Frightened, abandoned, ostracised and suffering… in silence.
These are just a few words and phrases used by an estimated one million women and girls across Africa to describe their life, or existence, living with an obstetric fistula.
This is a childbirth injury caused by prolonged obstructed labour and lack of access to maternity care.
Tragically, the baby usually dies and the mother is left incontinent, often shunned by both her family and community, while being condemned to a life of shame, isolation and despair. The injury can also be caused by violent rape.
After seeing the scale of the problem through her involvement with Mercy Ships, Dame Ann Gloag, a former nurse and co-founder of the international transport company Stagecoach, set up Freedom From Fistula in 2008 to help women and girls suffering from obstetric fistula.
Currently, the charity operates fistula, maternal and child health projects in Sierra Leone, Malawi and Madagascar.
Freedom From Fistula runs the only dedicated fistula care centres in these countries, recognised as centres of excellence by the respective Ministries of Health.
The women the charity treats range in age from young girls – the youngest patient was a five-year-old rape victim – through to women in their 70s and 80s, many of whom have suffered from fistula for years.
The charity provides free surgeries to as many women and girls as possible – restoring dignity and transforming lives.
However, Freedom from Fistula wants to reduce the occurrence of obstetric fistula by offering free and accessible maternal care.
It also wants to provide free fistula surgeries, family planning advice for men and women, education and vocational skills for fistula patients, and free outpatient clinics for children who are up to 15-years-old.
Despite the COVID-19 pandemic, Freedom From Fistula managed to keep operating its maternity unit and children’s outpatient clinic.”
The charity also provides training for healthcare professionals to strengthen capacity in the healthcare systems.
Since 2008, Freedom From Fistula has performed more than 8,500 fistula surgeries, delivered more than 20,000 babies, provided care to more than 160,000 women and children and trained more than 600 nurses midwives and doctors.
For many years, Rotary clubs in Scotland and across the world working in partnership with Freedom From Fistula, have offered invaluable support.
In particular, Rotary secured two Global Grants to fund the training of 60 nurse midwife technicians in Malawi and buy Landcruisers, kitted out as ambulances, which provide a lifeline for the Freedom From Fistula team to access patients in rural areas.
Rotarians are once again working in partnership with the charity to secure another Global Grant to improve fistula, maternal and child healthcare in Sierra Leone, with District 1020 (south of Scotland) once again taking the lead.
This project fits well with Rotary’s maternal and child health care area of focus. The generosity shown by Rotarians fund-raising through the pandemic meant that £221,672 was raised to support their work.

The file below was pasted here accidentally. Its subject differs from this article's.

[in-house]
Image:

Freedom From Fistula’s biggest project is the Aberdeen Women’s Centre (AWC) in Freetown, Sierra Leone.
AWC is a hospital providing free maternal, fistula and child healthcare, as well as family planning and re-integration programmes. It is a self-contained facility, where more than 90% of staff are Sierra Leone nationals.
This Global Grant will support the delivery of free fistula, maternal and child healthcare services at AWC where more than 23,000 women and children are helped every year.
Despite the COVID-19 pandemic, Freedom From Fistula managed to keep operating its maternity unit and children’s outpatient clinic. Fistula services were suspended early in the pandemic, but started again in late 2020.
Case Study: Elizabeth
Elizabeth, from Malawi, married at 22 and suffered with fistula for seven years. During her second pregnancy, Elizabeth faced challenges when she went into labour.
The doctors operated and were able to save her baby, but unfortunately her uterus was badly damaged and had to be removed.
In 2014 Elizabeth’s husband moved to South Africa leaving her to care for two children.
Though her husband was still supporting her, she felt alone.
In 2017 the district hospital referred her to our Fistula Care Centre where she was operated on and cured.
During her stay, Elizabeth was very active. She spent time interacting with other patients and sharing experiences.
She enjoyed attending patient activities such as arts and craft classes and cooking classes.
She has since used these skills to make crafts which she sells in her village and also to make nutritious meals for her children.
Elizabeth is happy to be able to attend church and interact with members of her community. These things might seem small to others, but they are significant to Elizabeth.
Since 2008, Freedom From Fistula has performed more than 8,500 fistula surgeries, delivered more than 20,000 babies, provided care to more than 160,000 women and children and trained more than 600 nurses midwives and doctors.”
In 2017 Elizabeth received a solar charging station that she uses to charge phones. Since receiving this she has made 30, 000 Malawian Kwacha (£27).
In 2019 Elizabeth was selected to be one of the former patients to be making reusable sanitary pads in her home district. She received a manual sewing machine and some start up materials.
So far Elizabeth has made 250, 000 Malawian Kwacha (£250) from making pads and clothes.
Elizabeth partnered with her brother, a tailor. They have opened a shop at the local market. Elizabeth is happy she is now able to put her children in school.
Elizabeth started talking at community gatherings and sharing her experience as a fistula patient and encouraging others to receive treatment at the centre.
If you would like to find out more about Freedom From Fistula, make sure to visit their website.